CUMBERLAND — Balls and clubs, flaming torches and knives: none are a match for the juggling skills of Will Silvers.
The 14-year-old, who will be a freshman this fall at Greely High School, will match talents with other people his age next month in the World Juggling Federation’s junior competition.
He got into the craft about two years ago, taught by a friend. It took a lot of practice at first, he said last week, “but once you get the hang of it, it can be really fun, like when you get a really long (juggling) run, you can do it for a while.”
Silvers’ longest run with three balls has been more than 5,000 catches, which took about 20 minutes to complete. He’s done 71 catches of seven balls, which took him about a year of practice. To juggle that many, he makes a triangle of balls in one hand, with a fourth on top, and three in the other hand.
Silvers was selected for the WJF’s seventh annual event, which runs July 4-10 in Springfield, Ill., after he submitted a video of the routine he intends to perform at the competition, as well as a list of his moves.
While he can juggle seven balls, Silvers will stick with five at the event, with an eye toward a flawless performance.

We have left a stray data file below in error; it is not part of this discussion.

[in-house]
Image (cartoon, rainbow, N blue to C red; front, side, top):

“This is his first competition, really, because there aren’t many,” Silvers’ mother, Kate Silvers, said. “It’s not like soccer or basketball, where you have a lot of games or people that do it. … It’s kind of unusual.”
Although Silvers is new to competition, he is an accomplished performer, both in the community and as far away as a juggling festival in Philadelphia. His mother noted that jugglers are “a society, a group of wonderful people … and when you’re a juggler, you’re kind of in this family.”
Silvers’ tactile talents also include the ability to play piano at an advanced level. He has shown off both talents by playing piano with one hand while juggling with the other.
“Interestingly enough, whenever we hear connections of exceptional jugglers, a lot of them are pianists,” his mother said. “… There’s some sort of link.”
Silvers has had trouble finding a coach. He has worked with a juggling club at Bates College in Lewiston, and has otherwise picked up pointers by watching juggling videos.
He has his eye on juggling 11 balls.
“I might not get that, but that’s my goal,” he said.
Besides balls, Silvers also juggles clubs and rings. And, sometimes, flames and knives.
“Just because there’s fire on the ends, it doesn’t make it any more difficult,” he said. “It may make it more dangerous.”
Silvers noted, though, that even if jugglers do catch the fiery end, their automatic reaction is to drop the torch immediately. While his hand has turned black from a bad catch, it washes off.
And the knives aren’t actually sharp, but rather painted to look that way, he said.
Will Silvers, a Cumberland 14-year-old, will perform in the World Juggling Federation’s junior competition next week.